This article appears in the Sept./Oct. 2015 issue of Omaha Magazine.
When Laura Vranes and John McIntyre celebrated their first wedding anniversary in October 2008, they wanted to do something special. Not only was it a year since they exchanged vows, they also both had birthdays that month. They didn’t go out to dinner. Nor did they exchange gifts. Instead, they bought one piece of art. It was something they saw as the beginning of an annual tradition: they would buy one piece of art for every year spent together.
Except it didn’t pan out that way. The next day, they purchased another artwork. Yet another quickly followed after that. Seven years later, their collection numbers over 300 pieces, and there are no signs the couple will quit acquiring anytime soon. Collecting art—street art in particular—has become more than a hobby. It’s their passion.
Vranes has always been attracted to street art, which, loosely described, is a blend of graffiti and pop culture. “When I was six my family went to New York City, where I saw graffiti,” she recalls. “It just stayed with me. I thought it was beautiful. People are intimidated by it and don’t give it a chance, but lots of stories can be told through street art.”
McIntyre was more than willing to give street art a chance. “My interest began with Laura,” he says. “We like the same things. I had no problem jumping on board. I had liked street art for years but was too busy to look into it. Laura pushed us in that direction.”
Pushed she did. Their collection includes mostly emerging artists as well as some of the genre’s most famous names, including Banksy, Mr. Brainwash, and Shepard Fairey, who created President Obama’s iconic “Hope” campaign poster.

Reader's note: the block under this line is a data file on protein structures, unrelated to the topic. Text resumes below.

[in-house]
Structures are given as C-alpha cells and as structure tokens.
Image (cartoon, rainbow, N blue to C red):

But for the couple, collecting big names isn’t what their passion is about. Through their collecting, Vranes and McIntyre have gotten to know artists all over the world in countries as far afield as China, Russia, Norway, and Ireland. “I’ve communicated with just about each of them,” remarks Vranes. “I’ve had conversations. I’ve emailed, I’ve phoned.”
While most people might be intimidated at the thought of contacting artists out of the blue—particularly ones with such names as Zombie, Zeus, and Polar Bear—Vranes is unperturbed. “I just say, ‘I love your work.’” she explains. “I’m interested in collecting your work. I’d like to inquire about a piece.”
“She just goes after it,” McIntyre laughs. “It’s quite interesting to see!”
This is what makes their collection so much more than the works that comprise it. It’s the people behind each and every acquisition. “We’ve made so many friends,” comments Vranes. “For almost all of the pieces, there is a personal relationship.”
When the couple purchased a work by Kansas City artist Ryan Haralson, for example, they did so on a payment plan. McIntyre communicated with him over seven months, and the two established a rapport, so much so that the artist visited the couple. While in Omaha, he created a painting of Alice in Wonderland, a character Vranes loves, and presented it to her. “We didn’t know it was going to be a gift,” recounts McIntyre. “Not only did we get a fabulous piece of art, we got a friendship.”
Still, if one were to choose any of the 300-plus works that best sum up the couple’s often quirky passion, it would perhaps be one by Paris-based street artist Polar Bear. It features a little girl in pigtails scrawling graffiti on a wall.
And what is it that she is writing? “Art is life.”
For Vranes and McIntyre, nothing could be closer to the truth.